blandishment

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English[edit]

Etymology[edit]

From blandish (to persuade someone by using flattery, to cajole; to praise someone dishonestly, to flatter or butter up) +‎ -ment (suffix forming nouns from verbs, having the sense of ‘the action or result of what is denoted by the verbs’).[1] Blandish is derived from Middle English blaundishen (to flatter; to fawn; to be enticing or persuasive; to be favourable; of the sea: to become calm) [and other forms] (whence blaundice (flattery, blandishment; caresses, dalliance; allurement, attractiveness; deceitfulness, deception) [and other forms]),[2] from Anglo-Norman blaundishen,[3] from blandiss-, the extended stem of Middle French blandir + Middle English -ishen (suffix forming verbs).[4] Blandir is derived from Latin blandīrī, the present active infinitive of blandior (to fawn, flatter; to delude), from blandus (fawning, flattering, smooth, suave; persuasive; alluring, enticing, seductive; agreeable, pleasant) (ultimately from Proto-Indo-European *(s)mel- (erroneous, false; bad, evil)) + -iō (suffix forming causative verbs from adjectives).[5]

Pronunciation[edit]

Noun[edit]

blandishment (plural blandishments)

  1. (countable) Often in the plural form blandishments: a flattering speech or action designed to influence or persuade.
    Synonyms: cajolery; see also Thesaurus:flattery
    • 1755, Joseph Trapp, transl., “Æneis”, in The Works of Virgil, volume II, book 6, lines 600–604, pages 376–377:
      Thus Her with Indignation frowning, ſtern, / With Tears, and Blandiſhments Æneas ſooth’d : / She bends here Eyes averſe upon the Ground ; / And by his Speech begun is mov’d no more, / Than a hard Flint, or fix’d Marpeſian Rock.
    • 1835, William Gilmore Simms, The Partisan, Harper, Chapter V, page 66:
      She looked up as she heard his footsteps, and the gracious smile which her lips put on, was an invitation to make himself happy in a seat beside her. But he resisted the blandishment, and lifting his hat as he passed, with a smile in return, he soon disappeared from her presence, and joined the two who awaited him.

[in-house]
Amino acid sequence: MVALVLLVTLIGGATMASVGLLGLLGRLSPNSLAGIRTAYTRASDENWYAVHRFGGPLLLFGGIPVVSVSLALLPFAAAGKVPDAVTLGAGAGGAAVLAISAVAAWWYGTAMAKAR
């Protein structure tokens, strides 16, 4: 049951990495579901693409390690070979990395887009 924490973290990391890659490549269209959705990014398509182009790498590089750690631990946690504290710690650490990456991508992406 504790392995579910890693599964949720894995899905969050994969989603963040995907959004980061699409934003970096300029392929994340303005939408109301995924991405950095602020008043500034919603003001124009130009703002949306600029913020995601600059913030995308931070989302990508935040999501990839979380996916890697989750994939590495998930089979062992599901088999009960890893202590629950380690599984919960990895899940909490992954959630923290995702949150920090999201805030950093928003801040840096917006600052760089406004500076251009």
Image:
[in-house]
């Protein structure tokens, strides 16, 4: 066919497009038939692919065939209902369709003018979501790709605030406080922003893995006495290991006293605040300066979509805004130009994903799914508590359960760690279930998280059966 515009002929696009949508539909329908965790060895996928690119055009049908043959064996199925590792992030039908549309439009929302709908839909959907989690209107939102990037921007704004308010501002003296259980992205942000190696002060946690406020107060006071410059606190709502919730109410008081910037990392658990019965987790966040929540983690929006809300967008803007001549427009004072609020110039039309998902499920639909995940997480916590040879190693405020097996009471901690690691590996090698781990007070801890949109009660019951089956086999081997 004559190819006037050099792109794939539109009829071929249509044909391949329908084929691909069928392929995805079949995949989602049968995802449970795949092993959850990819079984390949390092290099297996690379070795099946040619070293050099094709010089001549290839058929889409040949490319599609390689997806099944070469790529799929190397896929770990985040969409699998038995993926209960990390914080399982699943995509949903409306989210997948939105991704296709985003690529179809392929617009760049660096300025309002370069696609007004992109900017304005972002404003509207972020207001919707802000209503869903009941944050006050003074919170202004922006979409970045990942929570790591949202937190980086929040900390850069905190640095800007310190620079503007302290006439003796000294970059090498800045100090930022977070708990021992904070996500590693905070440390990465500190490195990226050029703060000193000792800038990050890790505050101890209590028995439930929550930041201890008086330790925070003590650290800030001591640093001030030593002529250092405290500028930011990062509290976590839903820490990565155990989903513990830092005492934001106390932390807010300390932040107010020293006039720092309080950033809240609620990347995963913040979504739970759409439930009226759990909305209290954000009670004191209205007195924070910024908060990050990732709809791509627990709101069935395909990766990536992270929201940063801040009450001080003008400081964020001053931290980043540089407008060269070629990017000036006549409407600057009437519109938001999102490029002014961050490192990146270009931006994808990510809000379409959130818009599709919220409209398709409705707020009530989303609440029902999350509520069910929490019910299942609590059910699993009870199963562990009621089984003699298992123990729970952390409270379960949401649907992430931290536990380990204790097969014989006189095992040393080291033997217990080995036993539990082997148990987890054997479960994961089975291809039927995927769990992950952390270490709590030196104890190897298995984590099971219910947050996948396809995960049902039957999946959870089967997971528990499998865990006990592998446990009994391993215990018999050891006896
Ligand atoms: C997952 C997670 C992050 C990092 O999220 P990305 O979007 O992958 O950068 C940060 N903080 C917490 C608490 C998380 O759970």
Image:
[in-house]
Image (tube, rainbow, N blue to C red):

• 1907, Barbara Baynton, Sally Krimmer and Alan Lawson, editors, Human Toll (Portable Australian Authors: Barbara Baynton), St Lucia: University of Queensland Press, published 1980, page 187:
      Pat found subject and scene of his wooing unaltered, but all his specious blandishments could not induce the matured matron of 'Gi' Away Nothin' 'All' to join fortunes, though his perseverance would have delighted Bruce's spider.
  2. (countable) Something alluring or attractive.
  3. (uncountable, figuratively) Allurement, attraction.

Related terms[edit]

Translations[edit]

References[edit]

  1. ^ blandishment, n.”, in OED Online Paid subscription required, Oxford, Oxfordshire: Oxford University Press, 1887; “blandishment, n.”, in Lexico, Dictionary.com; Oxford University Press, 2019–present.
  2. ^ blaundice, n.”, in MED Online, Ann Arbor, Mich.: University of Michigan, 2007.
  3. ^ blaundishen, v.”, in MED Online, Ann Arbor, Mich.: University of Michigan, 2007.
  4. ^ -ish(e(n, suf.”, in MED Online, Ann Arbor, Mich.: University of Michigan, 2007.
  5. ^ blandish, v.”, in OED Online Paid subscription required, Oxford, Oxfordshire: Oxford University Press, 1887; “blandish, v.”, in Lexico, Dictionary.com; Oxford University Press, 2019–present.

Further reading[edit]